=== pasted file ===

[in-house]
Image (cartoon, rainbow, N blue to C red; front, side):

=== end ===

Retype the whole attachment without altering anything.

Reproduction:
[in-house]
Image (cartoon, rainbow, N blue to C red; front, side):